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10 things to look for in your web design agency – Part I

Posted by : admin in Web Design ()Comments

With web design firms cropping up at almost every nook and corner of our cities, and with each promising the best at widely different prices, it can be quite confusing to choose the right web design partner.

It is not unusual for a small business to be tempted into contracting the firm that offers services at the lowest price. After all, it makes sense to save every penny when the business is just being set-up and evolve one’s online presence as the business evolves, and the needs evolve.

Yet, quite often a small business finds that it got a raw deal or finds itself being arm twisted by the once seemingly perfect web design partner. So what goes wrong in these cases? If you talk to the smart SMBs who succeeded in finding the right design/IT partner in the first go, you will notice a common thread. The smart ones took care of the basics.

What are these basics and how do you find yourself the right web partner who also has the capability to ‘deliver’ at all phases of your business?

In this two part series, we look at the top 10 things you need to check.

1. Domain Rights: Stay clear of the potential arm-twisters. Make sure that the company you hire registers your domain and hosting in your name. And that you are provided all login info for both your domain name control panel and your web hosting account. It is quite common to find unscrupulous small business owners who had to change their domain name or fight it out with their web design firm because it refused to give them control of their domain name when they decided to part ways.

2. Fly-by night operators: Low barriers to entry and a large pool of freelance web developers have meant more choice and better prices for customers. If you are on a shoestring budget, you may want to hire a freelancer to design your website. But will he be around an year later when you need changes to your web pages? Or will he have the time to meet you during business hours? Will he have the time and the skillset to launch a fully-functional website in the committed time-frame?

3. Competence Levels: Your website is your online presence on the world wide web. It is what most visitors who come to your site through search engines see first. And we all know the importance of the first impression. Does the web design agency have what it takes to deliver the “right’ first impression?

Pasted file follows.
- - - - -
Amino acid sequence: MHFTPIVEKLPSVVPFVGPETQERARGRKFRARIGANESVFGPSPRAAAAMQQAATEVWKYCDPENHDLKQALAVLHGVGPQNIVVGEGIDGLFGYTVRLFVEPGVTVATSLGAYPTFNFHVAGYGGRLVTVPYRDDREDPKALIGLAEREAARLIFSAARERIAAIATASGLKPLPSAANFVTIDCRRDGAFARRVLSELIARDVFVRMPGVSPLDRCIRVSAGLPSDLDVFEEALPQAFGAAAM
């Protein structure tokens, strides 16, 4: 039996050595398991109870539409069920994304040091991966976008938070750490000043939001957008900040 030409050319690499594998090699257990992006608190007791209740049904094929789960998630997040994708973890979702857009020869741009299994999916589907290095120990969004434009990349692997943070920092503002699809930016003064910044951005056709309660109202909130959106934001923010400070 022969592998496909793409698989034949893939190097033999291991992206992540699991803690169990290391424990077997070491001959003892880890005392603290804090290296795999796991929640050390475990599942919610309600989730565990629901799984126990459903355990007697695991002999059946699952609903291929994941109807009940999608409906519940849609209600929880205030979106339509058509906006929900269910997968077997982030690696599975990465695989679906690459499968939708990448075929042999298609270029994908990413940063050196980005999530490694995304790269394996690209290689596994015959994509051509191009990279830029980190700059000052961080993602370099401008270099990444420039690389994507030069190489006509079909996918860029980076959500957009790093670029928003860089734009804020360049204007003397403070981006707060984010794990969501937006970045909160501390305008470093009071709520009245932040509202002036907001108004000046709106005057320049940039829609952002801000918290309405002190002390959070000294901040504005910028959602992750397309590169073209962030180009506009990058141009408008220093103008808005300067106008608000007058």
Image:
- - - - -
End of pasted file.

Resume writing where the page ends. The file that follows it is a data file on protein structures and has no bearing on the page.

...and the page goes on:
• Do they have the requisite skills?
  • And the creativity?
  • What kind of work have they done for other small businesses?
  • Do they have any references?
  • Have their clients used them more than once?
  • Do they deliver on time?

These are the typical questions you need to find answers to when deciding on your web/IT partner. Again, don’t get carried away by a big client list. Talk to a few of their clients and find out what their experience in dealing with this firm was.

Ofcourse, as in all cases, there may be exceptions where you may want to hire a completely new design firm because they may offer the lowest prices or because they may be willing to provide more for the same amount or simply because you know them personally and so feel that you can trust them. In such cases, avoid the urge to rely entirely on your gut-feel, and do a background check. It will pay to check if the people behind this new firm have the right skills & competence levels and if they are capable, credible, hard working and trustworthy.

4. Usability: How the information is presented on your website is critical to the success of your website. If site visitors feel lost when they arrive on your site or have to pore over the site pages to find the info they are looking for, then you have lost them. It takes a lot of effort to get targeted traffic on any website but takes only a click on the x icon to lose it. With several thousands of options to choose from, the average internet user decides in the first few seconds of arriving on a site whether its good enough for him to stick around. If they have to wait for pages to load or if there are annoying animations, broken links, too much clutter, it won’t take them 10 seconds to bid goodbye.

It is imperative, therefore, that

  • the site architecture has a specific focus on usability.
  • the site is built using standards compliant, clean code
  • all important information is available at a glance or can be easily reached through an intuitive interface and tactfully written copy.
Can your web design agency deliver on this promise? Check out some of the sites done by them. As a first time visitor to these sites, could you get the general import of the site at first look? Could you understand what the site was trying to sell? Were you able to surf around and find information easily?
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